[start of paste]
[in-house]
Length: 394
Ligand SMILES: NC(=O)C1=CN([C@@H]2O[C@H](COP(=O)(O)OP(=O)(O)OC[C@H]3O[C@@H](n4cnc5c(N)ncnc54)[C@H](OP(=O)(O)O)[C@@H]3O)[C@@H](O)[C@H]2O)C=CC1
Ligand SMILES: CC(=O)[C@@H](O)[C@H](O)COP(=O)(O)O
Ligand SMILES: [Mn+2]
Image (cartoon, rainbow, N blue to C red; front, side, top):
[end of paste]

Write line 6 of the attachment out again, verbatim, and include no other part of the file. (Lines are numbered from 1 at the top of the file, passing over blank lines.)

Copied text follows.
Image (cartoon, rainbow, N blue to C red; front, side, top):